ML: And you’re talking about, Biden’s plan is less than what’s in those proposals.
LG: Those are investments that we’re looking for in those specific areas. And then I think. Yes. Certainly, the biggest one is for the Civilian Climate Corps and the plan that Biden has rolled out would create between 10,000 and 20,000 jobs in a Civilian Climate Corp, which would train an employee young people to build clean energy and decarbonize the economy.
But when we look at what representative Ocasio-Cortez and Senator Markey have proposed, we know that in order to truly put Americans back to work in good paying and union jobs, we need to support 1.5 million Americans that are going to save our planet through building up sustainable infrastructure and create strong resilient communities.
ML: You mentioned, um, some progressives, who’ve all also introduced some Green New Deal type proposals in Congress. How close is your $10 trillion proposal that Sunrise Movement is talking about tack to the kind of Green New Deal proposals that have come out from AOC and Bernie Sanders around for instance, housing?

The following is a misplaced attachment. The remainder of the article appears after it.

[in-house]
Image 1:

LG: So I think that they’re all part of a bold vision for the Green New Deal and for our country. And I think what I mean by that is that at every point we are fighting to get the funding and the programs and the legislation that we need to realize a vision of the Green New Deal, which is a vision of, um, both that that really encompasses both the Green New Deal for public housing and tenant con um, control, and then also encompasses components of infrastructure and the Civilian Climate Corp and in future will likely include things around healthcare and education. And so, I think that is all to say that the, this, these varying pieces of legislation and opportunities shouldn’t be viewed in opposition of each other, but rather as something that is all going to build to create this bold vision and really frankly, to stop the climate crisis and, and to, to have all hands on deck, to be able to do that.